Tonally, Watchmen felt very much at odds with my surroundings (dark, industrial panels against my sunny, country backdrop). Maybe I should have been reading Walden or something. But in some ways, Watchmen was weirdly appropriate. Sure, there’s a lot of stuff going on there about the superhero narrative (see: deconstruction of) as well as what level of power&faith we give to the government and other cultural symbols – all very interesting. But disregarding all of those thematic buckets, what stood out most to me were the discussions about time.
“There is no future. There is no past. …Time is simultaneous.”
This character talked at length about the infinite circularity of the universe and time, but I would argue that it depends on what distance you’re standing from. There is an end, but there isn’t an end. The stars above are there, because they’re shining for you, but they’re also gone – just “old photographs.” I think the trick to it all is being able to hold both ideas in your mind at once: endings that don’t end.
I was thinking about all this when my dad and I decided to walk down the once-driveway to where the family homestead used to be. (Trespassing? Technically. I like to think we had some kind of ancient, ancestral right to walk there, though.) The people who’d bought the place had carved a new driveway through the woods, but old paths through the forest take time to disappear.
When I crested the hill, it was a sad shock to see the sturdy white house gone, a completely different house in its place. (I realized I’m biased, but this new house has far less character to it.) The decrepit barn was gone too. (This was where my dad stored his dirt bike and where I could hear bats chittering and chirping in the rafters.) The “snake pit” was still there – originally a pig pen when my great-great-grandparents first lived here, but so named the snake pit once the pigs left and the tall grass grew. Dad showed me a square outline of bricks in the ground. When he was a kid, this is where the outhouse stood – it was demolished before I ever stepped foot on the island. His version of this place, the one he held in his memory, was different from mine. That was something to think about. I’d always assumed ours were the same.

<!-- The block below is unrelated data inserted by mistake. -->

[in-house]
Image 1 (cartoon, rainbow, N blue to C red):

I didn’t find the mossy rock when we walked to the beach. And the waterline was far off in the distance across a muddy bog. It used to touch my toes in tiny rushes of wave. Dad said it looked something like this when my grandmother was a girl, but worse. She used to walk to a neighboring island, because the water was so low. I can’t ask her what that was like, but it was nice to imagine her tromping through the mud, taking what adventurous advantage she could over such a paltry shore. Did she think it was strange for the water to be so close when she walked this beach holding my hand? Same place, different place.
My dad seemed surprised and relieved that I remembered so much of what once stood on that once-familial patch of island land. My brother doesn’t have childhood memories of the Island at all – he was too young at the time to pin them down, so I try to remember for the both of us. That was why it took me so long to go back there. I didn’t want to lose the clarity of memory that I had, because then it would mean my little childhood place really was gone. Some things you can’t unsee, after all. But it wasn’t like that – it isn’t like that. I still see my version most clearly, and I like that there’s more than just mine, and there will be more to come.
But I’ll let myself imagine that there are some constants in all of this, the things that don’t change, though change is inevitable. Like the air, the freshest air you can imagine. All pine and lake. The kind of air that makes you feel as though you can live forever.
And it’s always been a great place to see the stars.